I got a text from a colleague, I liked your article about p2v benefits, I had a question, how would you do it then?
I called him up (we hadn’t spoken for months despite the fact he’s now moved on to IT architecture up the road to see what he was up to), and thus we have the post below.
What the diagram below symbolizes in summary is that p2v should not be a one of project. More than a cost of doing business so to speak, a continual service improvement process which is linked and to usage, costs and future projects. The smartest example of this I heard was one in which there was effectively a p2v and performance/utilization team that spent all day looking at servers deployed and identified candidates for virtualization. Their goal was when a system went live to take a snapshot over a few months and identify the utilization metrics, then with business sign off and an understanding of future requirements, the servers would then be virtualized, so that the servers could then be re-deployed for the next project.
The key being the p2v strategy had multiple objectives:
- Increase utilization of storage, compute and network resources – for reduced cost and improved efficiency
- Replace aged commodity systems with virtual machines where possible – end the cycle of legacy servers older than 18 – 24 months – this was linked to an end of goldstock and support contracts for ‘commodity hardware’
- Ensure projects where the business, vendor or operational requirements forced a team or project on to a physical server, that it was analyzed three months (sometimes a little longer dependent on business drivers) to analyze workloads, metrics and possibilities for leveraging virtual solutions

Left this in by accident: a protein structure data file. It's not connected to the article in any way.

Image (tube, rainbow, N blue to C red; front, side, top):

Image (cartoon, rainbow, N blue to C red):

- That the company would eventually switch from buying servers for projects and using physical servers either to provide platforms or for initial go-live for projects where requirements, metrics and performance deliverables were difficult to link or benchmark on a virtual offering.
As with everything our infrastructure and the application should be a fluid point in time concept. Today, I’m running Visual Studio 6 on Windows 2003, tomorrow in line with where business requirements for the application, where our development and infrastructure strategies are headed I should be porting the application code to Visual Studio .Net on Windows 2012 or to the cloud.
We should be leveraging p2v, technology metrics and business requirements to continually improve our offering, avoid the concept of keeping still, reducing costs, complexity and barriers to delivery or success. Analyzing the infrastructure and the application throughout the lifecycle in partnership with those of the end user allows us to map out application and technical roadmaps to proactively adapt the IT around business and end user needs, to link infrastructure level consolidation 12 servers to 4, to application and business consolidation, 12 business lines to 4, 37 coding languages to 4, 8 platforms to 2 (Windows/Linux), 4 types of web servers to 2 (IIS/IHS), to remove cost and complexity across the lines of business, across the applications and the enterprise.